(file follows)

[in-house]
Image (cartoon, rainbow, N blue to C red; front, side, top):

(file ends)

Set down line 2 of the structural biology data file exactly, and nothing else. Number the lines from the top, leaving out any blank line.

Image (cartoon, rainbow, N blue to C red; front, side, top):